And just as unfair, let’s say that Chris ends up paying Pat spousal support as part of the divorce. Since Chris and Pat were in a same-sex marriage which was not formerly recognized by the IRS, both Chris and Pat would pay taxes for which opposite sex married couples routinely receive a tax break. In an opposite sex divorce, the person paying support gets a hefty tax deduction and the person receiving the support pays taxes on it. Not so for our heroes Chris and Pat.
Now, with the good riddance of DOMA, it appears that these two examples of tax inequities for same-sex married couples will no longer exist. However, as previously mentioned, the Windsor case only discussed same-sex marriages and not RDPs or civil unions. While it is likely that the IRS will honor other state recognized same-sex relationships for tax purposes (especially because they recognize community property), we will have to wait for the agency to issue its new rules and regulations.
Is it still recommended that same-sex couples who are in legally recognized relationships complete a second parent adoption?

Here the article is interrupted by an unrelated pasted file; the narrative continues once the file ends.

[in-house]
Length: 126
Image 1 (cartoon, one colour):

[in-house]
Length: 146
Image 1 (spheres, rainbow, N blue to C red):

Yes. Yes. Yes. The Windsor decision does not change our recommendation to complete a second parent adoption even if you are married or in a RDP. Although the Windsor decision compels the federal government to recognize same-sex marriage, it does not compel individual states to do so. Even if you currently possess a birth certificate with both you and your same-sex spouse or partner’s names on it, a state that does not recognize same-sex relationships does not have to recognize the validity of the birth certificate. In order for the state to be required to recognize the parent/child relationship, a judgment needs to exist confirming that both parents are the legal parents of the child. This is usually accomplished through an adoption judgment, or a parentage judgment if the couple is separated and going through a divorce.
Along with such monumental decisions come many unanswered questions. We will update you in the following months as these questions are answered, both on the federal level as well as the state and local levels.